With a wealthy older generation and almost an entire population online, Japan offers one of the best environments for dropshipping. The country stays at the top of the charts globally for both its gross domestic product and ecommerce profitability.
Japan is made up of four main islands, Hokkaido, Honshu, Shikoku, and Kyushu. It is situated to the east of China, Korea, and Russia.
According to The World Bank, in 2020 Japan listed as the 3rd wealthiest country in the world and the second-richest East Asian country. With a GDP of USD 40,193, Japan was placed ahead of Germany and below China. In 2020, it held 5.14% of the global economy.
Japan has advanced manufacturing and service sectors. The country offers world-class manufacturing for:
The services sector accounted for about 69% before the Covid-19 pandemic (Statista, 2019). It includes highly successful financial services and the world-renowned Tokyo Stock Exchange, retail, real estate, insurance, and telecommunication.
Should you invest in an online business for buyers in one of the richest and most powerful countries in the world? Here are some of the key benefits of dropshipping in Japan:
Japan has the third largest ecommerce market globally by value. However, as suggested in the Global Ecommerce Report by JP Morgan in 2021, this is only due to population density. In reality, 9 out of 10 purchases are made offline. Regardless, the country's shopping habits are developing rapidly with room for successful dropshipping businesses.
The ecommerce market in Japan was valued at USD 128.3 billion in 2021 by ecommerceDB. A forecast report from Research and Markets predicts this will increase to almost USD 298 billion in 2026 with a CAGR of 7% during this time.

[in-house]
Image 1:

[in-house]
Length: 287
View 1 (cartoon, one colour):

56.3% of the Japanese are over the age of 45, nevertheless, as a country, they are still technologically advanced. Around 94% (118.3 million) used the internet in January 2022, as per figures from DataReportal.
An article by Tech Jury in 2022 reports that while the average internet user spends 2 hours and 33 minutes on social media per day, the Japanese only use these platforms for 48 minutes.
According to Statista, these were the most popular social media channels in 2021:
While social media doesn't appear to be as prominent in Japan as in other countries, it is still worth creating a dropshipping website that is mobile-friendly. Investing in social commerce might be less of a priority than focusing on customer service quality.
Referring to research from ecommerceDB, in 2021 these product categories experienced the most sales online:
As with ecommerce around the world, there are new digital innovations every year. These are some trends in ecommerce that are becoming more common in Japan, as per Netwise, 2021:
Data from Statista suggests that more than 85% of the population in Japan use a smartphone in 2022. By 2027, it is expected to reach 94% despite the country's low numbers of young people.
Mobile commerce is still slightly lagging behind desktop-based shopping. The Global Ecommerce Report by JP Morgan found that only 34% of Japanese online shopping in 2020 was via smartphones. By 2024, mobile commerce in Japan is set to grow at a CAGR of 7.1%.
Last mile delivery options in Japan are improving with the use of bots and drones. McKinsey reports in 2021, that Japan is one of the front-runners in advancing logistics technology. The motive is not only to modernise the delivery process but to solve the issue of labour shortages in a hyper ageing society.
Drones are expected to be fully operational in Japan by 2023, says an article in Post & Parcel, 2021. Delivery provider, Japan Post, is joining forces with Autonomous Control Systems Laboratory to send packages to customers by air.
Japan is known for offering exceptional hospitality, regardless of if it's during an expensive hotel stay or visiting the local convenience shop. The importance of treating customers well goes back to the deep-rooted culture of Omotenashi.
Originating from a tea ritual, Omotenashi is the name given to the extreme care and attention to detail given when serving guests. Today, it's still important for Japanese customers to receive a very high level of service, both online and in physical shops.
For dropshippers, it's crucial to have a level of customer service that will satisfy Japanese buyers or risk quickly losing business.